People v. Adami (1973)

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[Crim. No. 11523. Court of Appeals of California, First Appellate District, Division One. December 31, 1973.]

THE PEOPLE, Plaintiff and Appellant, v. ROBERT J. ADAMI, Defendant and Respondent

(Opinion by Molinari, P. J., with Sims and Elkington, JJ., concurring.) [36 Cal. App. 3d 453]

COUNSEL

Evelle J. Younger, Attorney General, Edward A. Hinz, Jr., and Jack R. Winkler, Chief Assistant Attorneys General, William E. James and Edward P. O'Brien, Assistant Attorneys General, Derald E. Granberg and Clifford K. Thompson, Jr., Deputy Attorneys General, for Plaintiff and Appellant.

Charles M. Dresow for Defendant and Respondent. [36 Cal. App. 3d 454]

OPINION

MOLINARI, P. J.

The People appeal from the decision granting defendant's motion pursuant to Penal Code section 995 as to count two of the indictment charging defendant with attempted murder (Pen. Code, §§ 187, 664). fn. 1

In count one of the indictment defendant was charged with soliciting the crime of murder in violation of Penal Code section 653f. Each of the two counts charged in the indictment are based upon the alleged efforts of defendant to have his wife murdered.

The evidence presented to the grand jury was substantially as follows: Defendant was under investigation for sales of narcotics. Agent Thomas Dell'Ergo, who was conducting the undercover investigation, made several purchases of cocaine from defendant. During the course of their dealings, defendant mentioned to Dell'Ergo that he was having marital problems with his wife, and he was interested in getting rid of her. He expressed concern that his wife would inform the local authorities of his drug dealings. This conversation took place on November 1, 1972, over the telephone. Later that day Dell'Ergo met with defendant to negotiate the purchase of cocaine, and once again defendant mentioned that he wanted to get rid of his wife. He suggested arranging a fatal automobile accident.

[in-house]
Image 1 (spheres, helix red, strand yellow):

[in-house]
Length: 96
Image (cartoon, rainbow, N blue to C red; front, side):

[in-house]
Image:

On the following day Dell'Ergo telephoned defendant regarding the purchase of cocaine, and defendant said he really wanted to have something done about his wife because she had stolen $5,000 in cash from him. Defendant said that he was interested in having Dell'Ergo be the one to do something about it.

On the evening of November 6, 1972, Dell'Ergo contacted defendant and advised him that he had been in touch with an individual who would be willing to kill defendant's wife for a price. Dell'Ergo advised defendant that a $500 deposit was required, and it would be necessary for defendant to furnish a photograph of his wife. Defendant agreed, and Dell'Ergo advised him that he would set up a meeting for the following day.